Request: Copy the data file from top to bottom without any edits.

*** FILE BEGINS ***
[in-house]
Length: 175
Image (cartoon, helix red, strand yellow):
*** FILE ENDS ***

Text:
[in-house]
Length: 175
Image (cartoon, helix red, strand yellow):